Apple reinforces commitment to professionals with nearly 200 US-built Mac Pro configurations

Posted:
in Current Mac Hardware edited January 2014
While Apple has made efforts in recent years to pare down its product options in an effort to simplify choices for consumers, the company's new Mac Pro desktop comes in nearly 200 potential configurations, giving professional users the ability to build a system that's right for them.

Pro Parts


With four different potential CPU options, four different RAM amounts, three internal storage capacities, and three graphics card options, the base Mac Pro, starting at $3,000, is available in a total of 144 different configurations.

And Apple's $4,000 model comes with three upgradeable CPU and three GPU options, bringing its total number of potential configurations to 54. Together, they result in 198 different Mac Pro hardware possibilities for customers to order.

To put the number in perspective, Apple's other professional-grade computers, the MacBook Pro lineup, are offered with far less options. The 13-inch MacBook Pro with Retina display has 23 potential configurations, while the 15-inch model has 22.

Such flexibility in ordering the new Mac Pro may signal some of Apple's renewed commitment to professional users -- a market that pundits speculated the company would abandon, in order to focus on consumer-driven products like the iPhone and iPad.

Pro Parts


Prior to Apple's much-hyped revamp of the desktop, the Mac Pro lineup floundered for years, featuring the same legacy design that's existed since the Power Mac G5 in June of 2003. While the outside appearance of the Mac Pro remained largely the same, internal components were also infrequently refreshed, leading to severe dissatisfaction from professional Mac users.

Executives at Apple were said to be unsure of what to do about the Mac Pro in late 2011, and were allegedly evaluating whether to continue to invest in furthering its full-size workstation line. Macs in general, and the Mac Pro in particular, have become a far less important part of Apple's bottom line in recent years, with the iPhone and iPad dominating the company's profits and public buzz.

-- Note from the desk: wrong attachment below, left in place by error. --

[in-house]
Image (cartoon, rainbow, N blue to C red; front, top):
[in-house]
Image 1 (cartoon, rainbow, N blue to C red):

But Apple came out swinging earlier this year when it unveiled the new cylindrical Mac Pro, featuring a radical desktop design and packing in enough power to drive three 4K ultra-resolution displays.

"Can't innovate anymore, my ass," Apple marketing chief Phil Schiller famously proclaimed upon showing off the machine at the annual Worldwide Developers Conference.

Pro


And with preorders for the Mac Pro kicking off on Thursday, it's now apparent that Apple's efforts go beyond just horsepower, and aim to offer professional users more flexibility when ordering the new desktop. Apple has also made the unprecedented move of building the machines entirely in America, making it the only computer in the company's lineup, and one of a few technology products on the market today, to hold that distinction.

Given the sheer number of potential options to choose from, authorized reseller and AppleInsider partner B&H has opted to select what it thinks will become the 20 most popular configurations for the new Mac Pro. It is currently taking preorders for those models, which can be found in the Mac Pro portion of the AppleInsider Mac Price Guide, included below: